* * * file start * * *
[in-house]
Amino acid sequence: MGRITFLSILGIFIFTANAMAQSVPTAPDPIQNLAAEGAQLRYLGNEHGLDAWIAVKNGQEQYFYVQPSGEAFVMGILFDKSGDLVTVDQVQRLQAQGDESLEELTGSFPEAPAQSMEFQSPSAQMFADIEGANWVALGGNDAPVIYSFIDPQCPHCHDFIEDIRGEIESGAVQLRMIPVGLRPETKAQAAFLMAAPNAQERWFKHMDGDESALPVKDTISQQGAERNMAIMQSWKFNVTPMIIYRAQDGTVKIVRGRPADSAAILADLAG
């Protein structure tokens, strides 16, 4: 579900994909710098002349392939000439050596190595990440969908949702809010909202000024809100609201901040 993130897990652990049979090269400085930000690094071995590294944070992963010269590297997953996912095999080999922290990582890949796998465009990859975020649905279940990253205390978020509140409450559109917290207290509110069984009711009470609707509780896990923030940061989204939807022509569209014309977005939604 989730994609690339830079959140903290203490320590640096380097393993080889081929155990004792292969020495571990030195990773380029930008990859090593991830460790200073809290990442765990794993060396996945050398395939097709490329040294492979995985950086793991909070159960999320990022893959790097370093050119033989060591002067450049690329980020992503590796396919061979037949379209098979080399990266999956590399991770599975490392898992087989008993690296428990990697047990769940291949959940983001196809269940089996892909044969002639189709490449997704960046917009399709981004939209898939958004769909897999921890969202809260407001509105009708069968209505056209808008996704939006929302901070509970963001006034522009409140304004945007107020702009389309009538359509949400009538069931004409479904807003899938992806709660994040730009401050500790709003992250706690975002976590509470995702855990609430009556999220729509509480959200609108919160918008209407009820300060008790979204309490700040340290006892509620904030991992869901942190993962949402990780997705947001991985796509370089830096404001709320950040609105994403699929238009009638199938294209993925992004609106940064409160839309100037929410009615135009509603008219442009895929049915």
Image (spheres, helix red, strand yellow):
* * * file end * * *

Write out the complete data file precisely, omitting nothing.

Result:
[in-house]
Amino acid sequence: MGRITFLSILGIFIFTANAMAQSVPTAPDPIQNLAAEGAQLRYLGNEHGLDAWIAVKNGQEQYFYVQPSGEAFVMGILFDKSGDLVTVDQVQRLQAQGDESLEELTGSFPEAPAQSMEFQSPSAQMFADIEGANWVALGGNDAPVIYSFIDPQCPHCHDFIEDIRGEIESGAVQLRMIPVGLRPETKAQAAFLMAAPNAQERWFKHMDGDESALPVKDTISQQGAERNMAIMQSWKFNVTPMIIYRAQDGTVKIVRGRPADSAAILADLAG
């Protein structure tokens, strides 16, 4: 579900994909710098002349392939000439050596190595990440969908949702809010909202000024809100609201901040 993130897990652990049979090269400085930000690094071995590294944070992963010269590297997953996912095999080999922290990582890949796998465009990859975020649905279940990253205390978020509140409450559109917290207290509110069984009711009470609707509780896990923030940061989204939807022509569209014309977005939604 989730994609690339830079959140903290203490320590640096380097393993080889081929155990004792292969020495571990030195990773380029930008990859090593991830460790200073809290990442765990794993060396996945050398395939097709490329040294492979995985950086793991909070159960999320990022893959790097370093050119033989060591002067450049690329980020992503590796396919061979037949379209098979080399990266999956590399991770599975490392898992087989008993690296428990990697047990769940291949959940983001196809269940089996892909044969002639189709490449997704960046917009399709981004939209898939958004769909897999921890969202809260407001509105009708069968209505056209808008996704939006929302901070509970963001006034522009409140304004945007107020702009389309009538359509949400009538069931004409479904807003899938992806709660994040730009401050500790709003992250706690975002976590509470995702855990609430009556999220729509509480959200609108919160918008209407009820300060008790979204309490700040340290006892509620904030991992869901942190993962949402990780997705947001991985796509370089830096404001709320950040609105994403699929238009009638199938294209993925992004609106940064409160839309100037929410009615135009509603008219442009895929049915």
Image (spheres, helix red, strand yellow):